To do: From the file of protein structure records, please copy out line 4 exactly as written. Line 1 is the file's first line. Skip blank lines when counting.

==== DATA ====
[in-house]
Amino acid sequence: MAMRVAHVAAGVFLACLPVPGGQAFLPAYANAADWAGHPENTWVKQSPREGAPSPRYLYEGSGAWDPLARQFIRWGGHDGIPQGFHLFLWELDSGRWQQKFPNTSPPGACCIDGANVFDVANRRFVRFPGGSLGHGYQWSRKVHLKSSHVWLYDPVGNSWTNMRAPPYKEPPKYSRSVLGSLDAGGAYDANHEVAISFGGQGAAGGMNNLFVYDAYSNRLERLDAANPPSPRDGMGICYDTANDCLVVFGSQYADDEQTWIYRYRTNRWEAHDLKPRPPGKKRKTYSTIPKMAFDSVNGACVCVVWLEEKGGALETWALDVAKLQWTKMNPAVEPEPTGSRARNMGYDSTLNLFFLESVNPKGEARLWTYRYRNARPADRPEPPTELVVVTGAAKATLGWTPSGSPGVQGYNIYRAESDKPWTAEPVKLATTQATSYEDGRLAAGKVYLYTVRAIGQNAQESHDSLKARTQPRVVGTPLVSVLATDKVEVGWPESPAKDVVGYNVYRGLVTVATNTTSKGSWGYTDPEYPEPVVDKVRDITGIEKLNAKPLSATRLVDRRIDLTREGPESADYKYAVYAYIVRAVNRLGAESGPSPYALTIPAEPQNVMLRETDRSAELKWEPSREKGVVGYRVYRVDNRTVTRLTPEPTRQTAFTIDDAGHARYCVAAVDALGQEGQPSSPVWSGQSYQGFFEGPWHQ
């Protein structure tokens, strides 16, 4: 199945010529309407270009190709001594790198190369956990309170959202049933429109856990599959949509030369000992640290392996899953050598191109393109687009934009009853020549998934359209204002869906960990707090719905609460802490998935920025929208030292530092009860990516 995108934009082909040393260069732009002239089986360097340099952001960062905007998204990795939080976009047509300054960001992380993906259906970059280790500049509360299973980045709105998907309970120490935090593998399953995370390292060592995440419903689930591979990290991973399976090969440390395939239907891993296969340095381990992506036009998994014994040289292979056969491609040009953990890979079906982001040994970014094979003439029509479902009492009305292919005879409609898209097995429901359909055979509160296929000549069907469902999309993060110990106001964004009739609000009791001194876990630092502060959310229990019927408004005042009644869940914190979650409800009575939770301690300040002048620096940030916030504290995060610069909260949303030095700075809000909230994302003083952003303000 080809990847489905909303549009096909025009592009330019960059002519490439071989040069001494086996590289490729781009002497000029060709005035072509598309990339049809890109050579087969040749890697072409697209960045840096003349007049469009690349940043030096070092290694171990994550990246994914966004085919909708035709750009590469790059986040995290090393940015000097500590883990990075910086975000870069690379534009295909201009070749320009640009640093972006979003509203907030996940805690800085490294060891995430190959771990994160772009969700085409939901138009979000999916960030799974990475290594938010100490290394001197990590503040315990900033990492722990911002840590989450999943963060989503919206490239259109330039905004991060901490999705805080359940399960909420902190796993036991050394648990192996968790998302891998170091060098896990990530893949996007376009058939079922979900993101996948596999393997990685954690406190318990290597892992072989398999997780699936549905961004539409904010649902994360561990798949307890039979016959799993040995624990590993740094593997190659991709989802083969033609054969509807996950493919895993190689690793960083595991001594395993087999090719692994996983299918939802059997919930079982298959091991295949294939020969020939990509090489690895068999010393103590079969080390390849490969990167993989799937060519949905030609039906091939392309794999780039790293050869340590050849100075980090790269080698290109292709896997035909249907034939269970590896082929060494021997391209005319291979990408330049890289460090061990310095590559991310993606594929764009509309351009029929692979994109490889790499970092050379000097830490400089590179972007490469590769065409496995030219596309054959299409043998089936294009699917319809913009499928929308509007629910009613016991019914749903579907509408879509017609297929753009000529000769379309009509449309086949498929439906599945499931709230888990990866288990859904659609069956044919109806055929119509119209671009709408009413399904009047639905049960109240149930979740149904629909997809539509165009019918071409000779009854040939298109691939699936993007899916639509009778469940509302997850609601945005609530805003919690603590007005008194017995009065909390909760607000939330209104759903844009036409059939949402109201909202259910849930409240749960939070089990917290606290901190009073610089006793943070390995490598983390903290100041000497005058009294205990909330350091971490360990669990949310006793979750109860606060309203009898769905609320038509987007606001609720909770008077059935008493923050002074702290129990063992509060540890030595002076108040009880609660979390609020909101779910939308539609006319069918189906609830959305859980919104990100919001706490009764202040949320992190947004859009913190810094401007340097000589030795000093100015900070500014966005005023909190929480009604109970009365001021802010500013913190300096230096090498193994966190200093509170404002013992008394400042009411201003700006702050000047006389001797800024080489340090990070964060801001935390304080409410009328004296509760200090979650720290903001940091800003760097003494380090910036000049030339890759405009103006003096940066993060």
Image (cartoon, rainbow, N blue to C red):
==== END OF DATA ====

Image (cartoon, rainbow, N blue to C red):